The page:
A boat that is being used to take a group of people on a particular 'expedition' or journey.
A person who knows a lot about a particular topic.
If a creature becomes extinct, then there are no more of this creature alive on earth.
Extinction of an animal or plant happens when there are no more of them alive anywhere in the world.
The 'false killer whale' is the fourth-largest dolphin on Earth. It lives in temperate and tropical waters throughout the world, and looks similar to the killer whale (orca).
A cable made up of glass threads that can be used to move information (e.g. a sound or a picture) very quickly from one place to another. This information travels through the fibers in the form of light.
An animal that feeds by sucking in water and filtering it to take out anything that can be eaten.
The tail of a dolphin or whale which moves up and down like a paddle to push the animal through the water. In some whale species, flukes are so unique that scientists use them like fingerprints to tell whales apart. Whales can use their flukes to kick food into their mouths, and flukes can also be used to control the body temperature (by changing blood flow or releasing heat).
A food chain shows how each living thing gets food and how nutrients and energy are passed from creature to creature. Food chains start with plant life and end with animal life.
A form of underwater diving that requires a diver to hold their breath underwater without the help of any gear (e.g. scuba equipment) to help them breathe.
Leaves that are long and divided up into different shapes. The fronds of kelps are often ribbon shaped.
A seal with two layers of fur that lives around the coasts of the Pacific and southern oceans. The male is much larger than the female.
A type of requiem shark found worldwide. The shark likes living on clear reefs around islands and The International Union for Conservation of Nature (IUCN) has defined this shark as near threatened.
A gannet, or tākapu in Māori, is a large white bird with a yellow head and black tips on its wings. Gannets hunt fish by diving into the sea from above and chasing the fish underwater.
When we talk about gender we are talking about whether something is male (a man) or female (a woman).
The part of a fish that helps them breathe underwater. Fish force water through their gills, and use them to get oxygen out of the water so they can breathe.
The process that causes the surface temperature of the Earth to become warmer. This change is widely believed to be caused by 'the greenhouse effect,' which results from human pollution (e.g. exhaust from cars).
Good luck leading to someting positive happening.
A type of animal which feeds on plants (e.g. grasses or algae).
A great white shark, or mangō taniwha in Māori is a large shark that lives in warm seas. The great white is known for its size, and can grow up to 6.1 metres in length. It became famous as the shark in the movie ‘Jaws,’ but it doesn’t naturally eat humans. It is more likely to snack on fish, dolphins, seals, and sea turtles instead.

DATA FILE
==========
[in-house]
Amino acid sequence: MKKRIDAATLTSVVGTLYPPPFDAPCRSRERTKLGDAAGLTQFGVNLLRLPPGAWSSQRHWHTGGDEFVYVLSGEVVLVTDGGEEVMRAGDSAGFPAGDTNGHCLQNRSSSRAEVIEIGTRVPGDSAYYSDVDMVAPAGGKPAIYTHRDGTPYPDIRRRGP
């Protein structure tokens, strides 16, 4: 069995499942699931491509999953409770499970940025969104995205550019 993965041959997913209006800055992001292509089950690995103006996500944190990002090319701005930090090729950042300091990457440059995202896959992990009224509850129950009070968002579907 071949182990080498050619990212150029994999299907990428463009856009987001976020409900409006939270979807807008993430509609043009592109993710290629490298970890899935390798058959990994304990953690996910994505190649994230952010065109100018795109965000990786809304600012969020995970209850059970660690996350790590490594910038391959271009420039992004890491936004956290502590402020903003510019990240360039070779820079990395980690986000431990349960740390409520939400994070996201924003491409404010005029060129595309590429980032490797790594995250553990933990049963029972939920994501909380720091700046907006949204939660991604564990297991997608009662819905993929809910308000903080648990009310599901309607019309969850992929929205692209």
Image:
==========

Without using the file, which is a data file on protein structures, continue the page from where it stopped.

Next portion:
A turtle that lives in tropical waters. It has a brown shell and got it's name because of the layer of green fat under it's skin. Green turtles used to be hunted for food and made into soup! Now, a lot more effort is made to preserve these beautiful creatures since there are not many of them left. Green turtles help maintain balance in the ocean ecosystem by eating the sea grass beds and keeping them at a healthy thickness.
A habitat is the place or environment where a plant or animal naturally lives. A habitat provides food, water, shelter, and a place to raise young. For example a coral reef or a sandy beach.
Māori for goodbye.
A place on the coast where ships can safely anchor because it is protected from rough water, wind, and sea currents.
When you harvest something you pick or gather it up. Usually, we use the word harvest to talk about something we have planted e.g. a crop of wheat in a field.
Taking food to be eaten. Usually harvesting takes place at a certain time of year, when that food is ripe or able to be taken without negative effects on an ecosystem.
A small sea turtle that lives in tropical (warm) waters. It has a hooked jaw (like a hawk) and overlapping plates on it's shell.
A special type of dolphin only found in New Zealand. These small grey dolphins have black and white markings and a round dorsal (back) fin. There are only about 10,000 Hector's dolphins left in the world, and it is important that we take care of these special
An animal that can survive by only eating plants.
A crustacean (an animal with a hard outer shell like a crab or lobster) which has a soft, spiral body. The hermit crabs has a shell which it takes from other sea animals. As the crab gets bigger it will creep out of it's old shell and find a bigger one to use. Hermit crabs spend a lot of time on land, but they have gills like a fish.
The part that anchors kelp into place.
The Hawaiian name for green sea turtle that lives in Hawaii. The Honu is a symbol of good luck. Some believe them to be guardian spirits who will look after children playing in the sea.
A large whale with long flippers which is known for arching or humping its back when it dives under the water. Humpback whales usually swim in groups called pods, and are known for their magical whale-song which they use to communicate with each other. They live near the coast (land) and feed on tiny shrimp-like krill, plankton and small fish.
A person or animal who hunts other animals for food or sport.
A system that works/is moved by a fluid.